Following our discussion of the need to support IE6 for a significant group in China, let’s consider the general issue of old browsers and code. Thanks to polyfills, browsers at IE6 levels of sophistication can be “pumped up” to modern HTML5 rendering. But should we? One result of polyfilling our way to modernity is that old browsers become slow browsers. I submit that this is unnecessary, and results more from “code culture” than the code needed to run old browsers.
Along with this work, and in part due to the rise of the mobile web, emphasis has moved to putting program “state” and process control on the client. In the classic web, servers did most of the Model-type work in an MVC pattern, while HTML and CSS were pretty much a lightweight View. This approach of a light client was standardize in the Progressive Enhancement strategy, which dictated that client-side functionality couldn’t prevent user access – the server had to be able to deliver all content in basic markup.
Probably the case where these problems really come to a head is in Content Management Systems (CMS). On the face of it, one would expect a CMS to be lightweight – after all, lots of the page templating and program control are happening on the server. But the “plugin” architecture of CMS systems like WordPress result in the basic CMS pages being “decorated” by dozens of code-heavy and HTTP request heavy “plugins.” The result is the worst of both worlds – lots of heavy work on the server, plus a big load of client-side plugins.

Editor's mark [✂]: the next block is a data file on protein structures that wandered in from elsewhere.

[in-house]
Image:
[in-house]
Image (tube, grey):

What’s the Solution?
Consider the unique features of the web.
- There’s not need to shoehorn browsers into the kind of “heavy clients” favored in traditional client-server programming.
- Frameworks can be used, but not all of them at once
- We don’t really need to re-invent a class architecture when prototype-specific design patterns can accomplish the same thing more efficiently
- “Coding culture” imported from other non-web areas won’t necessarily “fix” the web – it will just slow it down.
- Designs often don’t need a heavy back end to work well for the tasks users need to complete
A great discussion of alternative strategies at:
Are you using a library because it’s familiar and comforting?
Many people are…